Doris C., NC
My journey began in the fall of 2015. In September, while vacationing in Colorado, I completed a difficult rated hike. It was my first time at such a high altitude and I was nervous, but I didn't have any problems completing the hike. The next month, while preparing for our big annual Halloween bash, I noticed I was getting fatigued much easier than usual but just wrote it off to being too busy.
In November I went to the doctor for allergies and a cough and was given an inhaler for the first time in my life, but it didn't help. In early December my cough continued and I was diagnosed with pneumonia and given antibiotics. A month later at my follow up appointment for the pneumonia I felt run down and was in pain from coughing and had lost eight pounds. A repeat x-ray showed no improvement so I was referred for a CT scan. The CT scan showed a mass in my left lung, so a PET scan was ordered. The mass in my lung lit up on the PET scan along with a lymph node under my right arm.
After having biopsies of both the lung mass and the lymph node it was determined that I probably had stage 1 or 2 lung cancer because the lymph node tested negative while the lung mass revealed non-small cell adenocarcinoma. All tests pointed to the probability that the cancer had been caught early and could be surgically removed by removing the lower lobe of my left lung or possibly my entire left lung, but during the surgery the surgeon discovered multiple pleural nodules. That is when my diagnosis became stage 4 lung cancer. The cancerous nodules had not shown up on my CT or PET scans so I was shocked to hear that I had stage 4 lung cancer. I learned from my oncologist that PET scans are not cancer scans like a lot of people think. They are metabolic activity scans and the nodules were too small and did not have enough metabolic activity to show up.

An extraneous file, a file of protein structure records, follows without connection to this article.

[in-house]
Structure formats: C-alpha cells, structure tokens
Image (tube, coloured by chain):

All too often lung cancer is advanced before it is diagnosed because the symptoms are so ordinary and subtle. I wondered how I, a never smoker who was active and ate healthy, could possibly have lung cancer. I'm the type of person who craves information, the more the better, so I began to do my research and learned very quickly that lung cancer is not just a smoker's disease as I had previously thought. Lung cancer affects both men and women, smokers, former smokers and never smokers. The real shock for me was when I learned how many young people in their 20s and 30s are being diagnosed with lung cancer.
Lung cancer does not discriminate. If you have lungs, you can get lung cancer. That's why I feel it is so important to raise awareness. The statistics are grim for stage 4 lung cancer, but thanks to research there have been amazing advances in the treatment of lung cancer in recent years. I am alive today and thriving because of research and I hope to help change those grim statistics. My lung cancer medicine is a targeted chemotherapy that targets the specific genetic mutation of my cancer. If I had been diagnosed just a few years earlier, my story would be very different than it is today. Currently there is no cure for stage 4 lung cancer, but with continued research and discoveries my hope is that one day there will be a cure.
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